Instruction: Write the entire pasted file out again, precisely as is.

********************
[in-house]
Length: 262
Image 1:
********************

[in-house]
Length: 262
Image 1: